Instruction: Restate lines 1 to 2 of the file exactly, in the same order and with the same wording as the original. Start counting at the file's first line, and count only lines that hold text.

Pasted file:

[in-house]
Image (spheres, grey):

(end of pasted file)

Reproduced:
[in-house]
Image (spheres, grey):